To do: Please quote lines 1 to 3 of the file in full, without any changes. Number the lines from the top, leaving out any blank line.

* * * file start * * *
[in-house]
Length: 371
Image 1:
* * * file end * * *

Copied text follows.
[in-house]
Length: 371
Image 1: